Streaming data means a constant flow of data, each containing information about an event or change of state. Streaming data is processed in real-time as it’s delivered to a system, although the type of data or the nature of events typically will affect any resulting action. Notably, any given event flowing in from a data stream might not be immediately actionable.
Streaming data is unbounded, meaning it has no real beginning and no real end—each event is processed as it occurs and managed accordingly. Events can trigger specific application behaviors and feed real-time business dashboards, as well as make their way into other systems for later batch processing. This is in contrast to legacy approaches, where, by default, data is sent to a backend data warehouse or Hadoop cluster to be analyzed every day, week, month, or quarter.
The stock market is a common example. Every time a stock price changes, a new message is created containing, among other things, the time of day, the stock’s code, and its new trade price. Because an exchange might house thousands of individual stocks and handle millions of trades per day, the result (at least during trading hours) is a constant stream of data. How an organization analyzes or acts on that data—and how frequently it does either—depends on any number of factors specific to the organization’s business.
How to prepare for an event-driven future
If your organization wants to adapt to future business demands more quickly, it should consider event streaming. Streaming architectures can power everything from simple event notifications—for example, sending an alert when a stock price slumps—to real-time machine learning models to detect suspicious trade activity. Even in batch operations, streaming data can improve analytics and business intelligence by connecting specific events with the times they occurred, or by highlighting historical trends.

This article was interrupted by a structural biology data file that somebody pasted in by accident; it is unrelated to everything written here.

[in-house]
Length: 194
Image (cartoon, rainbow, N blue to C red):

Modern stream processing systems such as Apache Kafka can also act as a stateful source of truth about the business. Because they can store and process events—while also holding onto historical data—systems can analyze and aggregate data in real time without reaching out to external data sources.
However simple or advanced the implementation, event streaming can help organizations future-proof their applications. A common benefit realized by VMware customers at all levels is their ability to add new features or eliminate problematic ones simply by adding or removing subscribers to a data stream. There’s no monolithic business logic to reconfigure; just microservices to plug or unplug.
In the years to come, the ability to think in events and build applications around them will become ever more important. Apart from the business improvements that go along with being faster, making better use of data, and designing more intuitive user experiences, there are also technologies such as serverless and functions that have the notion of events baked into their cores. The best enterprises will take full advantage of these innovations to build better, more successful applications.